POLICE executed a warrant at an address in Eastbourne as part of continued work to tackle drugs and drug-related harm in the community.
Officers from the Tactical Enforcement Unit (TEU) attended the address in Langney Rise on Wednesday (November 25) and seized crack cocaine and heroin with an estimated street value of around £1,000.
The warrant is part of wider police work to address drug issues and associated anti-social behaviour in the Langney area, particularly around Etchingham Road.
Inspector Rachel Barrow, of the Eastbourne Neighbourhood Policing Team, said: “We are listening and responding to the concerns of residents in the area, as we understand the disorder associated with drugs can be distressing for people in our communities.
“As well as addressing the criminality around drugs, our officers are also working closely with partner agencies in a bid to safeguard the vulnerable residents in the area who may be at risk of exploitation and/or cuckooing.”
Cuckooing is when the home of a vulnerable person is taken over and used as a base for drug dealing.
As a result of this warrant, a vulnerable resident has been identified and is now being supported by police and other external agencies.
A 17-year-old boy from London was arrested at the property on suspicion of being concerned in the supply of a Class A drug. He has been released on conditional bail while enquiries continue.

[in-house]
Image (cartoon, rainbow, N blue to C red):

The drugs supply at the address is believed to part of a county line into Eastbourne. County lines is a term used to refer to drug networks, both gangs and organised crime groups, from large urban areas such as London, who use children and vulnerable adults to carry out illegal activity on their behalf.
Insp Barrow added: “We often see children being exploited by criminal gangs to supply drugs in Sussex. Leaders of the county lines will attempt to entice young people to deal drugs on their behalf, without highlighting the obvious dangers associated with such criminal activity.
“In this case, the county line concerned has been named Phineas and Ferb by those running it. This is a clear attempt by drug dealers at a marketing strategy that appeals to vulnerable people in our community, and they will often use well-known TV characters and nicknames as a business name.
“We will continue to crack down on drug dealing in our community, and we encourage people to report any suspicious activity to us. Even if you think it’s a small detail, it all helps to build a bigger picture of the activity ongoing in our community.”